History: Began in Feb 1923 and was published at least through the Jul 1958 issue. Was the official campus newspaper of Alaskan Agricultural College and School of Mines which became the University of Alaska.
Publication dates: 1942-1968
Editors: E.F. Jessen,
Midnight Sun (Ladd Field)
Publication dates: 1946-?
History: Began with the Mar 22, 1946 issue. Date when publication ceased is unknown. It continued the LADD FIELD MIDNIGHT SUN (1942-1946). It was published in the interest of the military personnel of Ladd Field, Alaska. Microfilm holdings: 1951-1952
The above newspapers are available in microfilm at a number of Alaskan librarians and are available for interlibrary loan.
Friday, October 2, 2009
Answer: I am sorry to hear about your circumstances and hope that the following will be useful to you.
Disability.gov at http://www.disability.gov/ is a portal to resources available on both a national and state specific level. The search box allows you to search thousands of resources on their website. On the main page, you will find links to topics such as technology, health, civil rights, education and more. You can connect with Disability.gov's information via their email updates, newsletter, RSS feeds, blog and Twitter account by using the links on the right side of the page.
To assist with your questions about Medicare and Medicaid you might want to visit the health insurance section at https://www.disability.gov/?s=&fq=topics_taxonomy:%22Health^^Health+Insurance^^%22. You will discover a great amount of information separated into topics such as agency contacts, prescription drug program, health plans that are available in your location, insurance eligibility, and much more.
The amount of information on this site is tremendous but it is well organized by category, topic or location. Best wishes to you as you seek the appropriate services to meet your needs.
Friday, September 25, 2009
Answer: The Charter of the United Nations is available through the United Nations website at http://www.un.org/en/documents/charter/index.shtml.
The Charter has also been published a number of times since its creation in 1945. To see libraries that hold the 1945 edition of the UN Charter, please visit http://www.worldcat.org/oclc/3837545.
Friday, August 14, 2009
“Pantone” is a trademark of Pantone, Inc., and refers to the Pantone Matching System used in commercial color printing and has now expanding out to web design, textiles, paint, and plastics. Pantone colors help maintain standardization of color schemes, keeping colors consistent print after print.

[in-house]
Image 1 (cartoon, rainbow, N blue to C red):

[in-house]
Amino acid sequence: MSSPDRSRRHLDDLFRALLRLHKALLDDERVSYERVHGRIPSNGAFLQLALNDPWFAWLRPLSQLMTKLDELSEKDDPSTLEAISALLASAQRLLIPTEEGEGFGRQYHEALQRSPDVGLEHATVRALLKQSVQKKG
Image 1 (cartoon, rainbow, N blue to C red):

The Pantone colors for the Alaska State Flag are OG blue pms 2768 and Spanish yellow pms 1235. Alaska State Statute Sec. 44.09.020 describes the colors as “The stars shall be the color of natural yellow gold and the field of blue shall be of the same shade of blue used in the official manufacture of the national emblem of the United States.”
Below is the exact layout of our flag, as specified by Alaska Statute.
Answer: We have created a list on WorldCat called Alaska Historical Fiction at http://www.worldcat.org/profiles/akstatelibrary/lists/934781. Click on any title for a list of libraries holding that item, or to explore other works by the same author or subject. This list was created by reviewing books listed on the former Alaska State Library Historical Collection publication Some books about Alaska, which was web posted from 1994 to 2000. Some books about Alaska listed both fiction and non-fiction books and all were reviewed by at least one librarian.
If you are interested in historical fiction, but don't want to be limited to Alaska, check out the other historical fiction lists on WorldCat. The State Library is not endorsing these lists, just offering links for information.
Another great source for finding Alaskana is NoveList, a database that allows you to search for novels based on various criteria, including location. Entering "Alaska historical fiction" in the search box brings up over 100 results. NoveList is available through the Alaska State Library for all Alaskans or through local libraries around the world.